Let’s begin by setting a common understanding of what is market research (and what isn’t market research).
Market research has the sole purpose of pointing out and defining marketing opportunities and issues; generating, refining, and evaluating marketing programs; monitoring marketing performance; identifying patient and prescriber needs and improving understanding of the marketing process. The planning, implementation, evaluation, and utilization of market research should reflect that sole purpose. The activity is not considered market research if the purpose includes promotion of a health product (or the features/properties of that product). The content, its context and tone should reflect these facts as should the type and number of participants (and the nature of the agreement/contract where applicable). We invite you to refer to the “General Principles” section of the Distinction Document to determine whether the activity is potentially subject to advertising regulations (and consequently subject to PAAB preclearance if targeting HCPs). The IMC Code of Ethical Practices is an additional resource for standards/factors pertaining broadly to market research and for some specific examples of market research.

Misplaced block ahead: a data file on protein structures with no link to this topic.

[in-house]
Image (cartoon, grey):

True market research is generally not considered subject to advertising regulations. And consequently, the PAAB Code standards and preclearance are not applicable. However, please note that some activities that are believed to be market research are actually promotional in nature. If there is any doubt, you are welcome to use the PAAB advisory opinion service to confirm whether any particular activity is indeed exempt from advertising regulations (see our fee schedule for more information).
Please note that communication of market research findings in advertising is subject to preclearance.